- Lower Greenville has many older drinking establishments.
- Downtown is home to a burgeoning nightlife district and upscale restaurants
- Addison has some famous drinking spots tucked in amongst its many restaurants, notably The Flying Saucer.
If you are so inclined, Dallas has an overabundance of "Gentlemen's Clubs." Most of these places are nice and safe, and usually located off the Highway 35 and Northwest Highway area. Bring cash along or go to an ATM beforehand—if using a credit card, you have to sign the tabs in triplicate with a photocopy of your ID. One can have a good time for $100–$200 at all the clubs, but if you want to spend more, the ladies will certainly help you do so. Here is a list of some of the clubs starting with the nicest ones.
- The Lodge - Has a safari motif inside and actually has good food too.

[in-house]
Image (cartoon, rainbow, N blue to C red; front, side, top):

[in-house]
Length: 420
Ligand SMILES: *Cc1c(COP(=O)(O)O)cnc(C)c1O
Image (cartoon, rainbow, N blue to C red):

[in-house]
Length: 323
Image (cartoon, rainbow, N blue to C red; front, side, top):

- The Men's Club - A nice club with pretty girls. The best night is Thursday.
- Silver City - Good club.
- Baby Doll's - An enormous club that sells more alcohol than any other bar in Texas. Has pretty decent priced drinks for a gentlemen's club.
- Million Dollar Saloon - A lot of history behind this place. Really the first of its kind in Dallas or all of Texas.
- The Clubhouse - Owned and operated by surviving members of Pantera; Frequented by all walks of life in Dallas; BYOB; Full frontal
If you're looking to fill a mini-fridge or cooler with your own beverages a bit of planning might be required. Alcohol is only sold in certain parts of the city and in certain suburbs so getting to a liquor store can involve some travel. Also, Texas' liquor laws specify that any store that sells liquor cannot open on Sunday nor stay open after 9PM any other day. Stores that sell beer and wine cannot sell either from 12AM to 12PM on Sunday. A smartphone app that locates liquor stores is very useful as many of those stores in the Dallas area tend to be well inside neighborhoods as opposed to along highways, and hotel desk staff can tell you if you're in a 'wet' or 'dry' area of Dallas. Liquor stores can become quite crowded after 8PM (especially on Saturday) and remember to be extra-alert after dark. In 'wet' areas beer and wine is easily and safely available at grocery stores.